RPGs, and D&D in general, are truly the greatest kind of game, because they let you lead another life and learn new lessons you couldn’t as just a human being.
Thanks for being part of the re-release of this great book, John.
Hi John. My most memorable AD&D character was a Half-Elven Ranger named Arathor. I created him in 1982, and pretty much used him throughout most of the campaigns I was in. Arathor was Neutral-Good, and over his long illustrious career collected many magical items, weapons and armor. Some of the campaigns and modules that I played during this character’s career include The Drow Campaigns (D1-3); Against the Giants (G1-3), The Temple of Elemental Evil (T1-4); and The Keep on the Borderlands (B2). My favorite adventure though, of them all, is one that I cannot remember the name of, but it involved the investigation and entry into an alien “spaceship.” The laser blasters found in the ruins of this ship really came in handy during the Drow campaign, I can tell you! Toward the end of his career, my DM started The World of Greyhawk series, and, after a campaign against a tribe of Orcs (and their Bugbear, goblin and other assorted creature allies) in the mountains and hills surrounding the Duchy of Ratik he “retired” to a fortified border keep in that same Duchy. At the time of his retirement, he had reached level 17. I like to think he is still there, surrounded by his family (he married a certain Count’s youngest daughter prior to his beginning his final campaign — but that, as they say, is another story!) and training future Rangers.
Thanks for your consideration! Would really love to win Unearthed Arcana, if only to reminisce and re-live those fun times.
You’re most welcome, David. And there’s only one thing that mystery adventure of yours can be: Gary Gygax’s Expedition to the Barrier Peaks, adventure module S3, which did indeed feature an expedition into a crashed alien space ship, and strange alien artifacts — including a laser blaster.
Nick Ozment tells of us a character with a mysterious name:
Ropespor is a human sorcerer and, oh, so much more. He was the character I rolled up when I returned to D&D after more than a fifteen-year hiatus. The last time I’d played, it was still just Advanced Dungeons & Dragons (it wasn’t called 1st ed. then because who knew there’d be a 2nd ed.? Just like, if you have a WWI document that refers to WWI, you know it’s a fake). I jumped back in to 3rd edition with a group of fellow actors at a regional theater in Lanesboro, MN. Lemme tell you: for a type of game that begins with the words “role playing,” there is no better party to play with than a bunch of actors. The campaign brought my budding young sorcerer to 6th level, but it ended with the end of the show season as many of the actors went back to their home states. Then I met my lovely wife and turned her on. (To D&D, I mean.) I ported Ropespor into our new campaign, and he is now 13th level (as are my wife’s characters, even though they started at 1st and Ropespor was already 6th, thanks to the incremental nature of the 3rd ed. experience-point system for mixed-level parties — and I ask you, is that fair?). But Ropespor magicked himself out of the game and into my writing. He is one of the main characters in my humorous fantasy novel Knight Terrors, and he has also appeared in other fantasy stories set in at least three different worlds. He is the common factor that ties together much of my fantasy writing, both the serious and the tongue-in-cheek stuff: he seems to be just as comfortable in both. My friend and long-time first reader Frederic S. Durbin once made an astute observation: Ropespor is me —- an avatar or incarnation of me in my work. When he said it, I don’t think Fred even knew Ropespor began as my D&D character. I had never consciously intended it, but, you know what? I think Fred may have been onto something. (One last bit of trivia: Ropespor is an anagram. If you really need a clue, remember that I created him when I was playing with a troupe of actors.) [And a bit of personal gossip: When we play D&D, my wife finds Ropespor’s persona just a wee tad annoying (he’s too arrogant and yadda yadda yadda). Go figure. But I do play a second character, Taemanbow, a half-elf ranger, who my wife has a crush on. Her druid really thinks he’s hot stuff. So it’s all good. (And the third character I play, a halfling rogue named Beeble, she finds endearingly cute and amusing. So she does like most of my multiple personalities. And you need that in a marriage.)]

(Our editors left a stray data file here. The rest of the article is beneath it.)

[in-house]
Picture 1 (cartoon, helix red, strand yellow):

Finally, we come to Justin Smith, who began his adventure with kobolds in his basement:
His name was Jason. Looking at the sheet, you’d assume “OH LOOK, another boring fighter.” You’d be wrong, he became the fear the local DMs everywhere. No matter, what dungeon or job, he’d always find a way to bring in WAY too much extra money before the night was over. This all began with a simple, “there be kobolds in my basement!” As we descended the depths, the party came upon an ancient burial chamber. In first room, the DM lovingly described ornate and pristine furniture. Suddenly, an idea struck… we could just spike the doors, and the steal the furniture. Jason had decent charisma, and believed he could turn a profit. Much to the DM’s chagrin, we stopped the adventure there, bought some rope and carts, and proceeded to strip down the rooms one-by-one. The DM was confused, we went through the books, he tallied up the numbers, I rolled a 20 on a haggling check, and we quickly brought in over 10k in gold. Needless to say, until we all died horrible deaths, we traveled the world looking for more well-furnished tombs. I’ll never forgot Jason, his legacy lives on still when I play and I slyly ask “so how well furnished is this place?”
And there you have it — the ten best entries in our One-Paragraph D&D Character contest. Using a set of well-worn D&D dice, we listed the entrants in order and generated four random numbers, arriving at our four winners:
August Samuel Evrard
Congratulations to the winners! And thanks to all the gamers — and Old School Renaissance players — for entering our contest.
Until next time — keep your dice warm, and good adventuring.